Protecting workers, the constitution and our judicial process

While many of his critics are quick to describe President Trump’s nascent administration as authoritarian in nature, his predecessor authored dozens of rules that directly contradicted statutory limitations and disregarded judicial mandates.  One such example is a somewhat obscure and innocuous-sounding Labor Department rule commonly referred to as the “Volks Rule.” 

The Occupational Safety and Health Act requires all construction firms to maintain a detailed log of all jobsite injuries and illnesses.  The same act set a six month statute of limitations for citing firms who failed to properly record such incidents.  Yet Labor Department officials decided to arbitrarily change the statute of limitations from six months to five years.

{mosads}Volks, a construction company, successfully challenged the Occupational Safety and Health Administration (OSHA) in court when the agency cited the firm for a recordkeeping violation that occurred more than six months prior.  As part of its ruling in favor of Volks, the D.C. Circuit Court of Appeals unanimously concluded that “we do not believe Congress expressly established a statute of limitations only to implicitly encourage the (Labor) Secretary to ignore it.”

Instead of heeding the Court’s instruction to follow the law, the Obama administration chose to double down.  In their last weeks in office, Obama appointees finalized a federal regulation, known as the “Volks Rule,” that once again attempted to change the statute of limitations for recordkeeping violations from six months to five years.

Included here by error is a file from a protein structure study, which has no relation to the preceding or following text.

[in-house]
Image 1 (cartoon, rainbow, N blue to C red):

The Senate is now considering a measure to repeal this blatant attempt to circumvent the law and disregard a court ruling via the Congressional Review Act.  Earlier this month, the House passed a measure to repeal this misguided effort to legislate via regulatory fiat.  The Senate is likely to act on this measure as early as this week and if it passes it would head to the president’s Desk.

Given that this rule represents an unvarnished effort to usurp Congressional authority and ignore court rulings, repealing this measure should be an easy lift for senators wishing to preserve Congress’ constitutional role as the author of the nation’s laws.  Their vote in favor of repealing this regulation should be even easier considering the fact the “Volks Rule” does nothing to improve workplace safety.

Repealing the Obama-era regulation will have no impact on the length of time construction firms are required to maintain detailed safety logs.  Those logs must be maintained for at least five years.  And repealing the rule will have no impact on OSHA’s ability to access those safety logs, since those logs have always been available for review by safety inspectors. 

The only thing that will change with the repeal of the “Volks Rule” is that OSHA will have to abide by the six month statute of limitations established in the OSH Act for fining firms for recordkeeping violations.  Even better, repealing this needless new regulatory burden will allow construction safety professionals to continue spending the majority of their time on project jobsites, making sure workers are safe, instead of in offices reviewing years-old records and cutting checks to OSHA.

That is why the Associated General Contractors of America is urging all senators to vote in favor of the Congressional Review Act to repeal President Obama’s “Volks Rule.”  Voting in favor of repeal will protect Congressional authority, respect judicial decisions and preserve workplace safety.

Stephen E. Sandherr is the Chief Executive Officer of the Associated General Contractors of America.

The views expressed by this author are their own and are not the views of The Hill.

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